North America
Community Rallies Around Historic Synagogue Claimed by Fire
Last Sunday morning, an electrical fire burned everything except the Hebrew Congregation of Woodmont's precious Torah scrolls. The memorial stained glass windows burst from the heat, and everything in sight was charred. The historic congregation and home of Chabad-Lubavitch of Milford was in ruins.
Former Soviet Union
World's Largest Jewish Center Opens in Dnepropetrovsk
The world's largest Jewish community center opens to the public this Sunday with a 10-hour schedule of events, but the buzz around the new Menorah Center in Dnepropetrovsk, Ukraine, is palpable following the private opening yesterday of its Jewish Memory and Holocaust Museum.
North America
Synagogues Think Pink in Fight Against Disease
Coinciding with a month of events nationwide shining a light on breast cancer, its toll on countless families, and the research being done to combat it, several hundred women in suburban New York are gathering at a local synagogue for the chance to honor relatives of friends affected by the disease.
The Jewish Calendar
  Thursday Cheshvan 9 | October 25
Today in Jewish HistoryPassing of Rosh (1327)
  Friday Cheshvan 10 | October 26
  Shabbat Cheshvan 11 | October 27
Today in Jewish HistoryPassing of Methuselah (1656 BCE)
Today in Jewish HistoryRachel (1553 BCE)
Today in Jewish HistoryR. Nachum of Chernobyl (1797)
  Sunday Cheshvan 12 | October 28
Today in Jewish HistoryYitzhak Rabin (1995)
  Monday Cheshvan 13 | October 29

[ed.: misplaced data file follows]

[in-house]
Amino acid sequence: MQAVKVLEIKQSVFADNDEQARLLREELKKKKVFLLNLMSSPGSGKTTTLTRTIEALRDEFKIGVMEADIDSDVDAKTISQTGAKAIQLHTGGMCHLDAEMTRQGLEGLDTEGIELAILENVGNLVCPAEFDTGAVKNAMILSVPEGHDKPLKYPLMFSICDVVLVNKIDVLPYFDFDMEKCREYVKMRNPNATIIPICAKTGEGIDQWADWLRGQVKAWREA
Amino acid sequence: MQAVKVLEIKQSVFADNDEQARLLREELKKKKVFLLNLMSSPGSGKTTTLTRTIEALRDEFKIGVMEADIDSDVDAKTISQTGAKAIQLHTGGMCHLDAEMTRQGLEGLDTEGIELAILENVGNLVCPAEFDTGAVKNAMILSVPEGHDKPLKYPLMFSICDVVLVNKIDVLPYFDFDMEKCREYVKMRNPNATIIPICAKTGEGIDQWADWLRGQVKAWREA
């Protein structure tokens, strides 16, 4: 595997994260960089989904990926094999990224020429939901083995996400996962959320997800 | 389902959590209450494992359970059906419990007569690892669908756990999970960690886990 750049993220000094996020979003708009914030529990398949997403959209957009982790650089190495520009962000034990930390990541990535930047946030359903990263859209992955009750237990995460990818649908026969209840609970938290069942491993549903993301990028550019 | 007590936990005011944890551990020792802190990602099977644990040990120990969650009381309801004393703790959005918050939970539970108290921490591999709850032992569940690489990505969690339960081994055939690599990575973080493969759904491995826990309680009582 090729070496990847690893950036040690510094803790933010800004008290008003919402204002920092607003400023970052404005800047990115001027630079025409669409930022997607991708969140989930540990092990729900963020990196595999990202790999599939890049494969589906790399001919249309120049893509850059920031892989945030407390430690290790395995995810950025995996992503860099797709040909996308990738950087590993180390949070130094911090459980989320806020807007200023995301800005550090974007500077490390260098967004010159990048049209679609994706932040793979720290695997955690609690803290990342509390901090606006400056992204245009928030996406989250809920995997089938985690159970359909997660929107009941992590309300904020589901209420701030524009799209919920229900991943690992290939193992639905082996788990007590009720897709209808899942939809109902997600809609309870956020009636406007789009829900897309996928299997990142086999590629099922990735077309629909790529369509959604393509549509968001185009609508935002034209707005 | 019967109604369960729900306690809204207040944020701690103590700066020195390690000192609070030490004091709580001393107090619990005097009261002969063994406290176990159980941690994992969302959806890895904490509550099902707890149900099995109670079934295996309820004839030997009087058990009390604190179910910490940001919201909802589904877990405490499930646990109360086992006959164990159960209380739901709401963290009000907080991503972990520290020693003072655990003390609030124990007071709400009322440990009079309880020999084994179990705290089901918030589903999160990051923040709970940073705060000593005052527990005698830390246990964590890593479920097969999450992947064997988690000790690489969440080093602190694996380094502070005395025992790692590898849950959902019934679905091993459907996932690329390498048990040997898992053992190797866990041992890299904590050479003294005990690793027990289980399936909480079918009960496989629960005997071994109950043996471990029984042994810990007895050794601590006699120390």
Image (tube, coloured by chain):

Tuesday Cheshvan 14 | October 30
  Wednesday Cheshvan 15 | October 31
Today in Jewish HistoryPassing of Mattityahu (139 BCE)
Today in Jewish HistoryKristallnacht (1938)
  Thursday Cheshvan 16 | November 1
  Friday Cheshvan 17 | November 2
Today in Jewish HistoryGreat Flood Begins (2105 BCE)
  Shabbat Cheshvan 18 | November 3
Today in Jewish HistoryAssassination of Meir Kahane

The Parshah In A Nutshell
Parshat Lech-Lecha
G‑d speaks to Abram, commanding him, " Go from your land, from your birthplace and from your father's house, to the land which I will show you." There, G‑d says, he will be made into a great nation. Abram and his wife, Sarai, accompanied by his nephew Lot, journey to the land of Canaan, where Abram builds an altar and continues to spread the message of a one G‑d.

A famine forces the first Jew to depart for Egypt, where beautiful Sarai is taken to Pharaoh's palace; Abram escapes death because they present themselves as brother and sister. A plague prevents the Egyptian king from touching her, and convinces him to return her to Abram and to compensate the brother-revealed-as-husband with gold, silver and cattle.

Back in the land of Canaan, Lot separates from Abram and settles in the evil city of Sodom, where he falls captive when the mighty armies of Chedorlaomer and his three allies conquer the five cities of the Sodom Valley. Abram sets out with a small band to rescue his nephew, defeats the four kings, and is blessed by Malki-Zedek the king of Salem (Jerusalem).

G‑d seals the Covenant Between the Parts with Abram, in which the exile and persecution (galut) of the people of Israel is foretold, and the Holy Land is bequeathed to them as their eternal heritage.

Still childless ten years after their arrival in the Land, Sarai tells Abram to marry her maidservant Hagar. Hagar conceives, becomes insolent toward her mistress, and then flees when Sarai treats her harshly; an angel convinces her to return, and tells her that her son will father a populous nation. Ishmael is born in Abram's eighty-sixth year.

Thirteen years later, G‑d changes Abram's name to Abraham ("father of multitudes"), and Sarai's to Sarah ("princess"), and promises that a son will be born to them; from this child, whom they should call Isaac ("will laugh"), will stem the great nation with which G‑d will establish His special bond. Abraham is commanded to circumcise himself and his descendants as a "sign of the covenant between Me and you." Abraham immediately complies, circumcising himself and all the males of his household.